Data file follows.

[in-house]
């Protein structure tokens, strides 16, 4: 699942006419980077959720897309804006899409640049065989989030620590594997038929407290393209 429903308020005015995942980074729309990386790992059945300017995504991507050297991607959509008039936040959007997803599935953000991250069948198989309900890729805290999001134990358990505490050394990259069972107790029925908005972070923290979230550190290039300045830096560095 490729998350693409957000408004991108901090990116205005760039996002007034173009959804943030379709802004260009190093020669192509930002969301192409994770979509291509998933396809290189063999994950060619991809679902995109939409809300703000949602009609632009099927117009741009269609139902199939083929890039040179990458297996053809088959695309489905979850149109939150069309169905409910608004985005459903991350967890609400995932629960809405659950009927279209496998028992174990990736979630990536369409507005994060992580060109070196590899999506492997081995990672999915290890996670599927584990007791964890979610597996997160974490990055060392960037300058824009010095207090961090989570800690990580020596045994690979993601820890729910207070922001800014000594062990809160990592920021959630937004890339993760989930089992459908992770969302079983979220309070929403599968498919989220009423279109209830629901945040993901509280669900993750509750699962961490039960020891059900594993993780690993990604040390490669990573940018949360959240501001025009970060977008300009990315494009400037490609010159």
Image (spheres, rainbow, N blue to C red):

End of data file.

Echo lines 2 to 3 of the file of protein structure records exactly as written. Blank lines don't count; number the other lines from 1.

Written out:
């Protein structure tokens, strides 16, 4: 699942006419980077959720897309804006899409640049065989989030620590594997038929407290393209 429903308020005015995942980074729309990386790992059945300017995504991507050297991607959509008039936040959007997803599935953000991250069948198989309900890729805290999001134990358990505490050394990259069972107790029925908005972070923290979230550190290039300045830096560095 490729998350693409957000408004991108901090990116205005760039996002007034173009959804943030379709802004260009190093020669192509930002969301192409994770979509291509998933396809290189063999994950060619991809679902995109939409809300703000949602009609632009099927117009741009269609139902199939083929890039040179990458297996053809088959695309489905979850149109939150069309169905409910608004985005459903991350967890609400995932629960809405659950009927279209496998028992174990990736979630990536369409507005994060992580060109070196590899999506492997081995990672999915290890996670599927584990007791964890979610597996997160974490990055060392960037300058824009010095207090961090989570800690990580020596045994690979993601820890729910207070922001800014000594062990809160990592920021959630937004890339993760989930089992459908992770969302079983979220309070929403599968498919989220009423279109209830629901945040993901509280669900993750509750699962961490039960020891059900594993993780690993990604040390490669990573940018949360959240501001025009970060977008300009990315494009400037490609010159």
Image (spheres, rainbow, N blue to C red):